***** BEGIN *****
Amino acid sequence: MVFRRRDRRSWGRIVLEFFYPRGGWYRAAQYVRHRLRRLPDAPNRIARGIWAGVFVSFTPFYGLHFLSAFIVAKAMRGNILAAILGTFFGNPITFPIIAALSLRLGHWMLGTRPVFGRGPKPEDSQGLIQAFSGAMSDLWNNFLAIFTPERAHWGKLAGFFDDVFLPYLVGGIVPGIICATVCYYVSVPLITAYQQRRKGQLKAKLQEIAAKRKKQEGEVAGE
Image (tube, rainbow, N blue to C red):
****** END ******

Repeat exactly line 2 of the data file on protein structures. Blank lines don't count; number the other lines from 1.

Image (tube, rainbow, N blue to C red):